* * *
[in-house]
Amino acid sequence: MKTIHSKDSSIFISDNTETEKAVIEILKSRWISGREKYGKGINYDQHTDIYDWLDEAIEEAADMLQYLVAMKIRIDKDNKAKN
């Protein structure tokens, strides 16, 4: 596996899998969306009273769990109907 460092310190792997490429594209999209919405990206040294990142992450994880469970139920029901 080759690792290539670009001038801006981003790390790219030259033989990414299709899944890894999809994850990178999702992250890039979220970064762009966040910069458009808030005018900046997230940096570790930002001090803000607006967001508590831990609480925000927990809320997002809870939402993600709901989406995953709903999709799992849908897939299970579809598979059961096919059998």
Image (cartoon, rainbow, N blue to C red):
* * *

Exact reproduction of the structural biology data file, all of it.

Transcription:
[in-house]
Amino acid sequence: MKTIHSKDSSIFISDNTETEKAVIEILKSRWISGREKYGKGINYDQHTDIYDWLDEAIEEAADMLQYLVAMKIRIDKDNKAKN
């Protein structure tokens, strides 16, 4: 596996899998969306009273769990109907 460092310190792997490429594209999209919405990206040294990142992450994880469970139920029901 080759690792290539670009001038801006981003790390790219030259033989990414299709899944890894999809994850990178999702992250890039979220970064762009966040910069458009808030005018900046997230940096570790930002001090803000607006967001508590831990609480925000927990809320997002809870939402993600709901989406995953709903999709799992849908897939299970579809598979059961096919059998």
Image (cartoon, rainbow, N blue to C red):